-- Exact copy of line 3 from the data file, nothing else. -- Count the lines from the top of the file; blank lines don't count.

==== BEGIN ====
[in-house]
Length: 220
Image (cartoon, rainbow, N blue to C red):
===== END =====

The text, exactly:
Image (cartoon, rainbow, N blue to C red):